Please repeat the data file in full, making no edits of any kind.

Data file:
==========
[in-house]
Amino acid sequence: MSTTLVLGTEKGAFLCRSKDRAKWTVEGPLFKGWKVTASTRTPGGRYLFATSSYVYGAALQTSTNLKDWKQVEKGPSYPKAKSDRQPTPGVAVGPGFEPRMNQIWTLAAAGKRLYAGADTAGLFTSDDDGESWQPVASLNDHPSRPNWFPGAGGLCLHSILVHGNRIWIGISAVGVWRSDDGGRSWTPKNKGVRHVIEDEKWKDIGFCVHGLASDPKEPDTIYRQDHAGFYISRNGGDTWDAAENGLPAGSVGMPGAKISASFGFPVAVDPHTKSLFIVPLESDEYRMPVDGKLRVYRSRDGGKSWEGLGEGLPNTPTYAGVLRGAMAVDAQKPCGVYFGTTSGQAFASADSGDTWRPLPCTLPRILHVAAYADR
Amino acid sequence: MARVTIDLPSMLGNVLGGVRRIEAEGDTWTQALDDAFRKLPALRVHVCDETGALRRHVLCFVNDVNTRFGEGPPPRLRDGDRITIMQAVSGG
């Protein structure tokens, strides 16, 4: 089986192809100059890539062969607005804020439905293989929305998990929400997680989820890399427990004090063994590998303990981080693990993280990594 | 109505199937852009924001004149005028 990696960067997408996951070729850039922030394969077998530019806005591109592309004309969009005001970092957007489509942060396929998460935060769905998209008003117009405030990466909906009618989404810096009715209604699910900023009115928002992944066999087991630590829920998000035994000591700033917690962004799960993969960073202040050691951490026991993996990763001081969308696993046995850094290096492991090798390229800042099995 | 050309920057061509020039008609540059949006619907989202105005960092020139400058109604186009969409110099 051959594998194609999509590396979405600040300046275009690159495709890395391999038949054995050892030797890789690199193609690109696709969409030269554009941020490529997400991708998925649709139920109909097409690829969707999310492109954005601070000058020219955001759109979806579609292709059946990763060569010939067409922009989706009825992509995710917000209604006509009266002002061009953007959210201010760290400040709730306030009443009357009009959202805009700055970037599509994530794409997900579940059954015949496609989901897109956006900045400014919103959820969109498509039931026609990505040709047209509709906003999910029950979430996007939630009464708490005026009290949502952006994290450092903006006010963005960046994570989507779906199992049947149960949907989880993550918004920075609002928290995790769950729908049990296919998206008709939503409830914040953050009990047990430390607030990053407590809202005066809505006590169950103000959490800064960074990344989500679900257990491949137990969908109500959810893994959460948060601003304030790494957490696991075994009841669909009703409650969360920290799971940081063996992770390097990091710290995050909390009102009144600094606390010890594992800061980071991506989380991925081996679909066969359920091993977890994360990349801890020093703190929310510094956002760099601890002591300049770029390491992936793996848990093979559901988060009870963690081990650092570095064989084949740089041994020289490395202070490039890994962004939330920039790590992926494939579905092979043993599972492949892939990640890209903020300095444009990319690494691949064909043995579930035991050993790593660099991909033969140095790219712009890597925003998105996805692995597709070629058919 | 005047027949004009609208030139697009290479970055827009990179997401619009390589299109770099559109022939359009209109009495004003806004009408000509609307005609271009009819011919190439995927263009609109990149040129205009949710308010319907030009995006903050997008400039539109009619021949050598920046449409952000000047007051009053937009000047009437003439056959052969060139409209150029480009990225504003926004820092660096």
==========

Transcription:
[in-house]
Amino acid sequence: MSTTLVLGTEKGAFLCRSKDRAKWTVEGPLFKGWKVTASTRTPGGRYLFATSSYVYGAALQTSTNLKDWKQVEKGPSYPKAKSDRQPTPGVAVGPGFEPRMNQIWTLAAAGKRLYAGADTAGLFTSDDDGESWQPVASLNDHPSRPNWFPGAGGLCLHSILVHGNRIWIGISAVGVWRSDDGGRSWTPKNKGVRHVIEDEKWKDIGFCVHGLASDPKEPDTIYRQDHAGFYISRNGGDTWDAAENGLPAGSVGMPGAKISASFGFPVAVDPHTKSLFIVPLESDEYRMPVDGKLRVYRSRDGGKSWEGLGEGLPNTPTYAGVLRGAMAVDAQKPCGVYFGTTSGQAFASADSGDTWRPLPCTLPRILHVAAYADR
Amino acid sequence: MARVTIDLPSMLGNVLGGVRRIEAEGDTWTQALDDAFRKLPALRVHVCDETGALRRHVLCFVNDVNTRFGEGPPPRLRDGDRITIMQAVSGG
């Protein structure tokens, strides 16, 4: 089986192809100059890539062969607005804020439905293989929305998990929400997680989820890399427990004090063994590998303990981080693990993280990594 | 109505199937852009924001004149005028 990696960067997408996951070729850039922030394969077998530019806005591109592309004309969009005001970092957007489509942060396929998460935060769905998209008003117009405030990466909906009618989404810096009715209604699910900023009115928002992944066999087991630590829920998000035994000591700033917690962004799960993969960073202040050691951490026991993996990763001081969308696993046995850094290096492991090798390229800042099995 | 050309920057061509020039008609540059949006619907989202105005960092020139400058109604186009969409110099 051959594998194609999509590396979405600040300046275009690159495709890395391999038949054995050892030797890789690199193609690109696709969409030269554009941020490529997400991708998925649709139920109909097409690829969707999310492109954005601070000058020219955001759109979806579609292709059946990763060569010939067409922009989706009825992509995710917000209604006509009266002002061009953007959210201010760290400040709730306030009443009357009009959202805009700055970037599509994530794409997900579940059954015949496609989901897109956006900045400014919103959820969109498509039931026609990505040709047209509709906003999910029950979430996007939630009464708490005026009290949502952006994290450092903006006010963005960046994570989507779906199992049947149960949907989880993550918004920075609002928290995790769950729908049990296919998206008709939503409830914040953050009990047990430390607030990053407590809202005066809505006590169950103000959490800064960074990344989500679900257990491949137990969908109500959810893994959460948060601003304030790494957490696991075994009841669909009703409650969360920290799971940081063996992770390097990091710290995050909390009102009144600094606390010890594992800061980071991506989380991925081996679909066969359920091993977890994360990349801890020093703190929310510094956002760099601890002591300049770029390491992936793996848990093979559901988060009870963690081990650092570095064989084949740089041994020289490395202070490039890994962004939330920039790590992926494939579905092979043993599972492949892939990640890209903020300095444009990319690494691949064909043995579930035991050993790593660099991909033969140095790219712009890597925003998105996805692995597709070629058919 | 005047027949004009609208030139697009290479970055827009990179997401619009390589299109770099559109022939359009209109009495004003806004009408000509609307005609271009009819011919190439995927263009609109990149040129205009949710308010319907030009995006903050997008400039539109009619021949050598920046449409952000000047007051009053937009000047009437003439056959052969060139409209150029480009990225504003926004820092660096």